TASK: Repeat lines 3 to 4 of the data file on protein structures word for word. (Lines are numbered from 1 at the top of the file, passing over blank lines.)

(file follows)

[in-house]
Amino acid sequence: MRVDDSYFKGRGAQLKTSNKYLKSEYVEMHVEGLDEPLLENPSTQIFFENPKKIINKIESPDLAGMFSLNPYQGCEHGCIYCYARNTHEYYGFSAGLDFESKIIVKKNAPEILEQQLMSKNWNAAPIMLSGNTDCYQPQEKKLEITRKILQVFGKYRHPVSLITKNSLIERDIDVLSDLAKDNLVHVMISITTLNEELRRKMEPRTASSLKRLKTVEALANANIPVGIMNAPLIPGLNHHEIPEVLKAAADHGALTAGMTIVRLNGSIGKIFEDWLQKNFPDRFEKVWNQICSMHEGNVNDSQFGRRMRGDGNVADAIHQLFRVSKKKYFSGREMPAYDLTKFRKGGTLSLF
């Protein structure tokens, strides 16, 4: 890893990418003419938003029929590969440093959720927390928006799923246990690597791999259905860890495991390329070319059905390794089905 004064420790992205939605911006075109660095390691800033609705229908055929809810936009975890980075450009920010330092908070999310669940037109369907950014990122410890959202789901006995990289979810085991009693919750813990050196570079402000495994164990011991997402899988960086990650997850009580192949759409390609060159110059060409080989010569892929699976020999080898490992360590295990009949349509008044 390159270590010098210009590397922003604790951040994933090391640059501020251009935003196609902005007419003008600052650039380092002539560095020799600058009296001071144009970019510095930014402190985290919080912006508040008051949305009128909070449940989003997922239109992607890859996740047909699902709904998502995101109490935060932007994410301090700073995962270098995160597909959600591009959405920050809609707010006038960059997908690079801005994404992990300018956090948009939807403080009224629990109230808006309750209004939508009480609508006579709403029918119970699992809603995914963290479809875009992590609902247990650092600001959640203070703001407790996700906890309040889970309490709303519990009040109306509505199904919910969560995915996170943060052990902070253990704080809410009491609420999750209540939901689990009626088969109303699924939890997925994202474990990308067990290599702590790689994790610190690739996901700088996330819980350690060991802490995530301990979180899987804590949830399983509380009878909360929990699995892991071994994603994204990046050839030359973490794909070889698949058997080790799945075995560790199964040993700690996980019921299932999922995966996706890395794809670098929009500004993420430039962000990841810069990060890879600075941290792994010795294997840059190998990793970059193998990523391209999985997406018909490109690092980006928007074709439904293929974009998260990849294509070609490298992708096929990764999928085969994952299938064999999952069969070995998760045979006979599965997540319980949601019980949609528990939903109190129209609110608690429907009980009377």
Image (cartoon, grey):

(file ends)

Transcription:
């Protein structure tokens, strides 16, 4: 890893990418003419938003029929590969440093959720927390928006799923246990690597791999259905860890495991390329070319059905390794089905 004064420790992205939605911006075109660095390691800033609705229908055929809810936009975890980075450009920010330092908070999310669940037109369907950014990122410890959202789901006995990289979810085991009693919750813990050196570079402000495994164990011991997402899988960086990650997850009580192949759409390609060159110059060409080989010569892929699976020999080898490992360590295990009949349509008044 390159270590010098210009590397922003604790951040994933090391640059501020251009935003196609902005007419003008600052650039380092002539560095020799600058009296001071144009970019510095930014402190985290919080912006508040008051949305009128909070449940989003997922239109992607890859996740047909699902709904998502995101109490935060932007994410301090700073995962270098995160597909959600591009959405920050809609707010006038960059997908690079801005994404992990300018956090948009939807403080009224629990109230808006309750209004939508009480609508006579709403029918119970699992809603995914963290479809875009992590609902247990650092600001959640203070703001407790996700906890309040889970309490709303519990009040109306509505199904919910969560995915996170943060052990902070253990704080809410009491609420999750209540939901689990009626088969109303699924939890997925994202474990990308067990290599702590790689994790610190690739996901700088996330819980350690060991802490995530301990979180899987804590949830399983509380009878909360929990699995892991071994994603994204990046050839030359973490794909070889698949058997080790799945075995560790199964040993700690996980019921299932999922995966996706890395794809670098929009500004993420430039962000990841810069990060890879600075941290792994010795294997840059190998990793970059193998990523391209999985997406018909490109690092980006928007074709439904293929974009998260990849294509070609490298992708096929990764999928085969994952299938064999999952069969070995998760045979006979599965997540319980949601019980949609528990939903109190129209609110608690429907009980009377």
Image (cartoon, grey):